Following our article on how artificial intelligence (AI) can infringe copyright, an important related issue is whether an AI work itself can attract copyright and who might own that copyright.

The UK and EU law tests for copyright subsistence are that the work must be the author’s intellectual creation, namely an expression of free and creative choices, in order to be original and protectable under copyright laws (Infopaq Case C-5/08, Cofemel C683/17 and Copyright Directive 2001/29/EC). Under UK case law that predates the EU case law, originality also requires that the author has expended time, skill and labour to create the work. It is not settled law as to whether the old UK test for subsistence is even compatible with EU law (which forms part of UK settled law post-Brexit). Interestingly, it is exactly this issue which may influence how an AI case might be decided in the UK courts.

Section 9(3) of the Copyright Designs and Patents Act 1988 (the “CDPA 1988”) does provide for “computer-generated” literary, dramatic, musical and artistic works. This has been interpreted as giving rise to a copyright work where a computer user has provided the creative element (Express Newspapers Plc v Liverpool Daily Post [1985]).

It remains to be seen if a prompt-based generative AI creation would satisfy either the EU case law of the “author’s own intellectual creation” or represent a user’s sufficient time, skill and labour under the old English law test. As mentioned, which is the relevant test in the UK is an additional ambiguity. Any decision would make new law and entirely turn on the particular facts and the extent of the user’s creative input, including the extent of any prompted amendments to the work before it was finalised.

What do the courts say?

In August 2023, a US court in Washington DC held that a work of art created by AI without any human input cannot be copyrighted under US law. However, where a human has input many details and made sufficient changes to a work, a Chinese court has held that a copyright work has been created.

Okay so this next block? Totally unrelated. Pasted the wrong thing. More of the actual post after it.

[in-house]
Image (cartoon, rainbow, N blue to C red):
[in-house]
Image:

In the Chinese decision of 27 November 2023, the court held that an AI-generated image entitled ‘The Spring Breeze brings tenderness’ was protectable under Chinese copyright law. The plaintiff designed a figure using Stable Diffusion software, which utilised various prompts. He set the parameters for the layout and composition of the image. He made choices and adjusted and amended the image before the final image was obtained. The court held that this process was effectively his aesthetic choices from his own personal judgement and therefore the image warranted copyright protection, owned by him.

In the UK and EU, a similar result on copyright subsistence might be possible on similar facts but is by no means guaranteed. Arguably, the UK is more likely to find copyright subsistence on similar facts than an EU court, given that the EU test is considered “more demanding” (per Arnold LJ in Court of Appeal decision in THJ Systems Ltd v Sheridan [2023]).

As regards authorship and ownership, under section 9(3) of the CDPA, the author is the person who made the arrangements necessary for the work’s creation. In a generative AI example, that might arguably be the AI company, the user or both of them jointly. There may also be relevant terms and conditions on the AI platform regarding the ownership of works. For example, any copyright in a work created using ChatGPT is owned by the user, according to the site’s current terms and conditions.

As we struggle to hold onto our jobs, ensure our children haven’t cheated at their homework and wrestle with yet more existential angst, we need also to keep one eye on this developing line of copyright law.

If you have questions or concerns about copyright infringement, please contact Lucy Harrold.

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This article is for general information purposes only and does not constitute legal or professional advice. It should not be used as a substitute for legal advice relating to your particular circumstances. Please note that the law may have changed since the date of this article.